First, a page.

Gold smuggling

(Guinness Record Holder & RTI Activist)

Ever since Union government has raised import-duty on gold now to ten-percent, gold-smuggling has become quite profitable. Investment in smuggled gold is through unaccounted money either in form of solid gold or as jewellery. Sincere steps should be taken to transform currency-circulation in banking transactions so that surplus currency may be ordinary ‘paper’ for all practical purposes. India should follow sensible advanced countries by discontinuing circulation of higher-denomination notes of rupees five hundred and above because such currency is used as black money to buy gold. All sale-purchases exceeding say Rs 20000, even though payment may be made in parts, must be through banks. In case of cash-payments, currency-tax @ 30-percent may be imposed. All expenses exceeding Rs 1000 must be allowed when made through cheques/ drafts. Payments of essential services like water, telephone, electricity and municipal taxes for bills exceeding Rs 1000 must be by cheques/ drafts only. Drafts/ Pay-Orders/ Traveller-cheques must carry names and address/ account-numbers of purchasers with reduced validity-period of say 45 days to check their misuse as ‘benami’ drafts for carriers of black money. Bulk sale of accounted gold is done in unaccounted money by drawing wholesale invoices in amounts below rupees twenty thousand, which can be effectively checked by drastic cut in currency-circulation.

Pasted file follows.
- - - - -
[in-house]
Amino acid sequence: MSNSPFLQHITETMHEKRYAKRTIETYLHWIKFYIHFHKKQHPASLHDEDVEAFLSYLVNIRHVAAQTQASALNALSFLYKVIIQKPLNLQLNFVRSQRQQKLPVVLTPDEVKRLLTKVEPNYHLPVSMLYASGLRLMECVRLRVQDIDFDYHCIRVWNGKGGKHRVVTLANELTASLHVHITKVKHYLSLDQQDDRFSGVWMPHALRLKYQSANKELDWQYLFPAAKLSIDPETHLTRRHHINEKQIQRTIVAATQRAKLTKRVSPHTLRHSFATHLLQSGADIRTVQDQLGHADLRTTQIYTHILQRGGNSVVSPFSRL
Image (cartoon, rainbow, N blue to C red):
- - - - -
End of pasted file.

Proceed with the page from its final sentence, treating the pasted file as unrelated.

Reserve Bank of India (RBI) should take some concrete steps to keep gold-prices in control by banning forward trading of the yellow metal. Since India is biggest consumer of gold, its demand in India also determines rise and fall of international prices of gold. It was wrong that Indian government succumbed to political and other pressures when Indian Finance Minister had to take proposal to impose excise-duty on jewellery from the Union Budget for 2012-13 which could effectively check use of black money in purchase of jewellery. Idea of re-introducing maximum 14-carrot gold for jewellery can be re-introduced with 10-percent excise-duty on jewellery.